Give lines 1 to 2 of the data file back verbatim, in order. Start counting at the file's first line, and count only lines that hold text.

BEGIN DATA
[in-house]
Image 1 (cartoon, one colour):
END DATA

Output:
[in-house]
Image 1 (cartoon, one colour):